A research and innovation center with a purpose, Impact Justice is focused on building a humane and restorative system of justice in the United States.
The American criminal justice system holds almost 2.3 million people in 1,719 state prisons, 109 federal prisons, 1,772 juvenile correctional facilities and other facilities nationwide. On any given day, nearly 60,000 youth under age 18 are incarcerated in juvenile jails and prisons in the United States.
Not all of these individuals are treated fairly or humanely, and Impact Justice is on a mission to change that. Founded in 2015, the Oakland, Calif.-based nonprofit focuses on imagining, innovating and accepting absolutely nothing about the status quo of the nation’s current justice system.
“Our current justice system destroys lives, futures and families on a huge scale — especially among communities of color,” the organization states. “We work in partnership at the local, state, and national levels to pioneer, develop, and scale solutions that can reverse this destructive trend, end abusive policies like putting youth on sex offender registries, and promote restorative justice.”
It’s urgent work in a nation that comprises 5% of the planet’s population, but almost 25% of its total prison population. According to the Sentencing Project, the current pace of progress in reducing mass incarceration is so slow that it would take 75 years to cut the prison population in half at this rate.
Research and Innovation
Partnering with state and local government, law enforcement, victim groups and advocates across the country, Impact Justice focuses on research and innovation in three key areas: Preventing more youth and adults from becoming involved in the justice system; improving conditions that ensure humanity and hope for those currently incarcerated; and helping formerly incarcerated people successfully rejoin their communities.
According to Kate Feeney, Associate Director of Finance, one of the organization’s cornerstone efforts is its Restorative Justice Project, which manages diversion for youth. “Instead of a young person who has committed harm going through the juvenile justice system,” Feeney explained, “he or she passes through a diversion program and doesn’t receive charges or enter the system.”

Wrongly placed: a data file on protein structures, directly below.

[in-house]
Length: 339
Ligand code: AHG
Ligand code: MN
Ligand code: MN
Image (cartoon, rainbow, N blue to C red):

The youth who engage with its Restorative Justice offering are 44% less likely to recidivate than those who have gone through the traditional justice channels. The group has also recorded 95-99% victim satisfaction rates as a result of its work. For its work on improving the quality of incarceration, Impact Justice helps ensure that currently incarcerated individuals are treated humanely.
“We work with the Department of Justice in that area with a focus on sexual safety in confinement,” Feeney said.
The group also helps formerly incarcerated individuals reenter society via a pilot program whereby they reside in the homes of community members.
“That work involves a community reinvestment fund, so we provide pay to those individuals who are hosting the formerly-incarcerated individuals,” Feeney said, “and serve both the community and the individuals who are reentering society.”
These and other initiatives are all supported by a research team that conducts analyses and evaluation on the programs’ success rates.
“The fact that we do a lot of our research and data collection in-house drives some of the uniqueness of our organization,” Feeney added.